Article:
Indonesia: Off to a good start in 2023
- We track four developments since the turn of the year
- Fiscal consolidation is progressing faster than anticipated
- Trade sector strength has some more room to run
- Efforts are underway to fine-tune Omnibus reforms
- Besides a wider mandate, BI is expected to match the quantum of Fed hikes this year
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We track four developments since the turn of the year.
Strong fiscal performance
Indonesia’s 2022 fiscal deficit narrowed sharply to -2.38% of GDP, well below budgeted -4.9%, according to the Finance Ministry. This would put the deficit back under the mandated 3% of GDP a year ahead of plan. Notably, deficits were also lower in 2020-2021 than the budgeted target, albeit to a smaller extent.
Revenue realisation reached 116% of the target, rising 31% yoy and ~16% above the target. Crucial tax revenues grew 31% yoy, whilst non-tax receipts jumped 28%, exceeding the target by a fifth. Revenue outperformance was a function of a) tax reforms including value added tax increase, one-off tax amnesty, tax on fintech P2P lending, and e-commerce players, amongst others; b) better economic activity and resource-based industries receiving a lift in corporate earnings; c) strong trade performance feeding through higher import taxes/levy earnings; d) windfall gains from commodity-linked tax and non-tax receipts.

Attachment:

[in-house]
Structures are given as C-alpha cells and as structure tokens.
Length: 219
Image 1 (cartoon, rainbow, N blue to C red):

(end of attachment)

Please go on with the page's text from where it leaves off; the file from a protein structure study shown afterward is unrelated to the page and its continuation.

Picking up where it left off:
Expenditure growth rose a slower 11% yoy, falling slightly short of the budgeted size. Spending needs were driven by higher subsidy allocations and measures to offset the fuel price hike. Despite that, subsidies and compensation to state companies totalled IDR551trn was much higher than the budgeted IDR 152.5trn, but lower than earlier projections of more than IDR600bn. Pandemic related spending added to IDR 396.7trn by end-year and is likely to be dialled down gradually. By Fitch’s assessment, Indonesia’s 2022 deficit is “below the 3.6% 'BBB' category median and would make the country one of the first governments in Asia-Pacific to return to pre-pandemic fiscal deficit levels”. This helped cut financing needs to IDR 580bn in 2022 (vs the budgeted IDR 840.2trn).
Based on the budgeted assumptions, state revenues will rise by 1% in 2023, with a 3% reduction in expenditure, pegging the deficit at -2.8%. Resilience in domestic growth, higher indirect taxes, and commodity prices (lower than in 2022 but steadied into Dec22) at the margin should help. Subsidy cuts and softer global oil prices will also help provide relief on the spending front. With a reorientation in expenditure priorities, expectations are that higher public investments will surface as a tailwind for growth this year, which we expect will curb populist tendencies ahead of the 2024 elections. Subject to economic conditions, there is a likelihood that the 2023 fiscal target will narrow to 2.0-2.5% of GDP, i.e., pre-pandemic range vs budgeted -2.84%, boding well for overall macro stability. Our forecast stands at -2.7% of GDP.
A strong handover from 2022 put this year on a firmer footing, as excess balance (SAL) is carried over, for instance ~IDR120trn vs IDR246trn in 2021. A smaller financing plan will also be conducive for the bond markets, particularly as the central bank will stop purchasing bonds in the primary market from 2023. Besides routine demand from commercial banks and long-duration players, foreigners gradually returned to rupiah debt. The first multi-tranche USD-bond for the year attracted strong interest.
Trade strength has more room to run
The goods trade surplus was on course to register a record of ~$55bn in 2022, marking a 55% increase from 2021. Strong gains in the non-oil & gas commodity export have helped offset the oil & gas deficit and imports picked up pace with economic activities. For 2022, we see upside risks to our current account surplus forecast of 0.7% of GDP.